How David Tepper played 'nervous time' market

Why Tepper was nervous

David Tepper wasn't joking when he said it was "nervous time" for the stock market.

The billionaire head of the Appaloosa Management hedge fund rattled the markets in May, when he told attendees at the SALT Conference in Las Vegas that he was paring back his equity positions.

"I'm not saying go short, I'm just saying don't be too fricking long right now," he told attendees in remarks that went viral and immediately sent a shiver into the market.

Judging by his most recent quarterly filings with the Securities Exchange Commission, Tepper wasn't trying a sleight of hand, wherein he would try to get investors to sell so he buy at reduced prices.

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No, he was selling. Tepper, who made an eye-popping $3.5 billion in 2013, shed multiple positions.

David Tepper, founder of Appaloosa Management
Adam Jeffery | CNBC

He sliced his holdings in the Powershares QQQ Trust exchange-traded fund, which tracks the Nasdaq tech-stock index, by two-thirds. He pared down his holdings in the SPDR S&P 500 ETF, which tracks the broad index, by more than 80 percent. And he dumped his entire stakes in such companies as JPMorgan Chase, Beazer Homes and Ingersoll-Rand, while cutting in half his holdings in Dow component DuPont.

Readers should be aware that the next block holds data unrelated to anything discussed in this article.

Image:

While the 13f filing is backward-looking and may not reflect where Tepper stands now, it provides a look into his thinking during a quarter in which the market, as measured by the S&P 500, actually rose 4.6 percent.

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To be sure, Tepper wasn't cutting across the board.

He sharply increased his stake on social media giant Facebook, raising his holdings seven-fold, and he upped his General Motors holdings by about 50 percent. He also took a much larger stake in home furnishings company Masco and added to his position in online bidding site Priceline. His largest holding as of the end of the second quarter was American Airlines.

Tepper did not immediately respond to a request for comment.

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However, in May, as he was cutting his positions, he expressed a measured approach to investing in the current climate that differed somewhat from many of the strongly bullish statements he's made over the past several years.

"I think we're OK," he said at SALT, "but listen, there's times to make money and there's times not to lose money. This is probably (a time when) you're supposed to think about preserving some of your money. If you're 120 percent invested, it's probably too much. You can still be long, but you probably should have some cash."

—By CNBC's Jeff Cox